Lately, we have shown that the passivation of dangling bonds of the surficial C atoms is not the only method for stabilizing diamane. It can also be stabilized by substituting the N atom, which has one electron more than C atoms on its surfaces [21]. The remaining electrons that form lone electron pairs behave like the passivation that stabilizes the structure and opens a band gap. Moreover, the surface reconstruction that occurs on the outermost layer to have a particular structure can promote the stabilization of the sp 3 structure of the 2D carbon [21,22,23]. Beneficially, the reconstructing surface also enhances a magnetism of the structure, which is typically absent in diamane [21,24].
In this work, 2D diamond-like carbon nitrides (C 8 x N x ), where their structures are derived from the structure of diamond thinned down in [110] direction until it has eight atoms in a unit cell (see Figure 1), are studied where x = 2 , 3 , 4 . Because its surfaces are washboard conformations [25], it will be represented as W-diamane for a phase with x = 0 and N-subsituted W-diamanes for phases with x = 2 , 3 , 4 . Their elastic and electronic properties are investigated, due to a number of N atoms in the structure. It will be shown that an accretion of N atoms on the surfaces of W-diamane improves the dynamical stability and enhances the stiffness of the structure, which are even stiffer than hydrogenated 2D diamond.

2. Computational Method

The VASP package [26,27], based on the density functional theory, was performed in order to study the properties of the 2D diamond. The projector augmented-wave method [28], which is an efficient method for reducing a cumbersome calculation of the core electrons, was used for the pseudopotential. The exchange-correlation functionals, Perdew-Burke-Ernzerhof (PBE) and Heyd–Scuseria–Ernzerhof (HSE06), were employed [29,30]. The former was used for the structural relaxation in order to find the optimum structural parameters and atomic positions at 0 GPa and 0 K, evaluating the elastic constants, and calculating phonon modes. The latter was used for the electronic density of states (DOS) and band structure calculations.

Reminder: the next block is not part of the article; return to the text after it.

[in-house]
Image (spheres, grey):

The energy cutoff was set as 600 eV in all calculations. The k-point mesh was 11 × 5 × 1 for the relaxation and calculation of the elastic constants. In order to neglect the interaction between layers of 2D materials, the c-axis of every structure was set to be 20 Å at the start of the relaxation and asserted to be larger than 15 Å after the relaxation. The phonon modes were calculated while using Phonopy package [31] with 5 × 3 × 1 supercell and 1 × 1 × 1 k-point mesh. Every DOS was calculated by using the tetrahedron method to integrate over the Brillouin zone [32].
In calculations of the elastic constants, lattice parameters of the studied structures were applied by 1% and 2% compressive and tensile strains, while the atomic positions were relaxed. For the elastic constants corresponding to a direction that is perpendicular to the layer, z-positions of the top and bottom atoms were fixed during the atomic relaxation to constrain a c-parameter of the strained lattice, which is a distance between top and bottom atoms. Otherwise, the top and bottom atoms would be relaxed to new z-positions, yielding unintended strained lattice, which should be fixed to be 1% or 2% strains [21].

3. Results

3.1. 2-Dimensional Structures

The structure of W-diamane is relaxed without any passivations or N substitutions. As expected, W-diamane with entire dangling bonds on its surfaces cannot be stabilized after relaxation, but it can be stabilized if the dangling bonds are passivated through hydrogenation (C 8 H 4 , see Figure 1a). We find that, instead of hydrogenation, the substitution of N atoms for surficial C atoms can also result in the structural stabilization of W-diamane. Nevertheless, the substitution is needed on both surfaces of W-diamane in order to keep the washboard-like shape stable on two sides after relaxation. For C 7 N, an amount of N atoms is not enough to substitute on both of its surfaces, hence it is not considered. Noting that the studied phases have N atoms arranging in highly order by considering the substitution in the unit cell of W-diamane with eight atoms, while the configurational disorder of C and N atoms in W-diamane is beyond the scope and, thus, not considered in this work.